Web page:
Childhood-onset lupus nephritis: A single-center experience of pulse intravenous cyclophosphamide therapy

Giancarlo Barbano, Rosanna Gusmano, Beatrice Damasio, Maria Giannina Alpigiani, Antonella Buoncompagni, Marco Gattorno, Francesco Perfumo

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Background: Evidence is accumulating about the efficacy of pulse intravenous (iv) cyclophosphamide (pCy) treatment for lupus nephritis (LN), but concern still exists on the use of this drug in children, on account of its oncogenic potential and gonadal toxicity. Medical records of 33 LN children were retrospectively analysed in order to assess the effect of treatment with pCy and corticosteroids (Cs) on renal survival and child growth. Patients and methods: From 1974 to 1999, 33 pediatric patients with LN were admitted to our hospital. Clinical and hematological data were recorded for a mean period of eight years (range 1.5-18.9). Two groups of children who received different treatment protocols were compared: 19 were treated with Cs alone or combined with azathioprine (Aza) and 14 received Cs and pCy (0.5 g/m2 monthly); the mean number of Cy infusions was 13 (range 6-27). Results: In the pCy treated group, survival was better, protection of renal function lasted longer, and there were no evident short- and long-term side effects. pCy treated children showed better growth than the other group. Many important factors could have contributed to these positive effects, such as the time of onset of the disease, its duration before referral to the pediatric nephrology unit, year at first admission (mean 1985 Cs ± AZA group vs 1988 pCy group), renal failure at onset, degree of renal lesion (renal histology not evaluated in 36% of cases). Conclusion: pCy treatment in pediatric LN may improve patient and renal survival and seems safe, causing less growth impairment.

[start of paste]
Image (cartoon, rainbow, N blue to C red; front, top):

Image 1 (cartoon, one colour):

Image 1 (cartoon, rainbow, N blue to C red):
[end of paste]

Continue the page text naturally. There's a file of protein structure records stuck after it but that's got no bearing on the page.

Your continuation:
Original languageEnglish
Pages (from-to)123-129
Number of pages7
JournalJournal of Nephrology
Issue number2
Publication statusPublished - 2002


  • Children
  • Intravenous cyclophosphamide
  • Lupus nephritis

ASJC Scopus subject areas

  • Nephrology


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